What’s required? (Part 1 of 2)

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Brian Kight

Events aren’t the only thing you interpret. You also interpret the possible responses required.

As you interpret the events happening in your life, you interpret what they will require from you. You consider whether you can meet those requirements. You imagine what that experience would be like and what the impact would be.

You ask yourself: “Based on how I interpret these events and the meaning I’ve assigned them, what’s required of me?” You don’t say it like that, but that’s what your mind calculates.

For example, imagine you observe a leader in your organization. Some of his decisions create distraction and confusion but not enough value. You interpret these decisions as impulsive and unnecessary. You see the leader as disconnected and lacking awareness. You believe these decisions by the leader disrupt your organization’s ability to execute. That’s the meaning you assign. It damages the leader’s credibility and undermines people’s confidence in his directives.

What requirements does this put on you? What responses do you consider? How do you feel about each option? Why do you gravitate away from certain responses and toward others? How do you decide how to respond?

Your interpretation of the situation leads you to interpret possible responses and requirements. You assign meaning to those requirements. The meaning you assign determines how you feel about performing the task. This is when you decide whether you’re willing or unwilling to do what’s required.

Back to our example. Consider your main options for how to respond (not addressing detailed nuances):

  • Tell the leader what you’ve observed and its impact.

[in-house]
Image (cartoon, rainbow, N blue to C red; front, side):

• Tell him part of the truth to raise his awareness, but hold back the whole truth of what you see. 
  • Try to nudge him to change without telling him the truth.
  • Work around the leader’s misguided decisions and do your best to be effective.
  • Blame the leader and complain with other people in the organization. No one addresses the leader or the issue.
  • Ignore the misguided decisions this leader makes.
  • Change teams or leave the organization.

When you think about actually doing any of those options, each one feels different. You consider not only its chance of success but also your comfort with it and ability to do it well.

Can you recognize the tension it creates?

There’s a conflict of priorities. One part of you considers the requirements to produce the best outcome. Another part of you considers what you’re comfortable with and willing to do. That creates a tension within you that you can only settle by making a decision.

When success and comfort come into conflict, you resolve it by making one of two decisions:

  1. Do what’s required to produce the desired result even though parts of it are uncomfortable.
  2. Do what’s comfortable even though it doesn’t produce the desired result.

When you feel comfortable doing what’s required, there’s no tension. The decision is easy. But when you feel uncomfortable doing what’s needed, there’s tension. You have a new decision:

Do what’s required or what feels comfortable for you?

Come back tomorrow for Part 2 . . .


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